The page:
Last Monday I attended the 14th annual american studies lecture held by Renee Romano, Professor of History, Comparative American Studies and Africana studies. The title of the lecture, “The Great Force of History”: Collective Memory, White Innocence and Making Black Lives Matter, immediately appealed, as one of my favourite aspects of american studies is exploring how much has actually changed in America over the past century, especially how race relations have, or haven’t, as the case may be, progressed.
Romano began the lecture with a series of statistics exemplifying the treatment of both blacks and whites in comparison to each other then and now. Shockingly one graph showed how, if I remember correctly, in today’s day and age there is an astonishingly large proportion of whites who see themselves as more oppressed than blacks in the US, a statistic which has dramatically changed over the last sixty years, it’s hard to believe progression has been achieved, when faced with statistics such as these. Romano also presented us with statistics that showed just how many black families were living around the poverty line, as well as annual earning statistics compared to white earnings. It genuinely shocked me that when you scratch just a little beneath the surface of the appearance of race relations, on a broad level, things really haven’t seemed to have progressed very much at all. I felt this lack of progress was further exemplified when Romano began to discuss the number of shootings in southern american states over the past few years, this highlighted to me the still seemingly unspoken element of racism ingrained within the predominantly white police force.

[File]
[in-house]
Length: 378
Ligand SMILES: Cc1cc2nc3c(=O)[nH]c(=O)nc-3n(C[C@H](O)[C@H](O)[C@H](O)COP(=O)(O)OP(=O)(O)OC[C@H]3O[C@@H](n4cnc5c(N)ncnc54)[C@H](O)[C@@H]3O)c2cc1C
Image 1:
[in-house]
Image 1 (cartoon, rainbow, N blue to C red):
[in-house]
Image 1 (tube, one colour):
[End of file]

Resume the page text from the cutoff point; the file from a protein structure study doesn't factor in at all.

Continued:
Romano’s lecture was not only incredibly thought-provoking, but also entirely relevant to our current module content, particularly within our Ethnicity and Diversity module. Although Romano hit home that we still have a long way to go with race relations and “making black lives matter”, the lecture was left on a relatively positive note with the idea that progress is a constant movement, no matter how small the progress and that we shouldn’t stop working towards a legitimately equal and integrated society.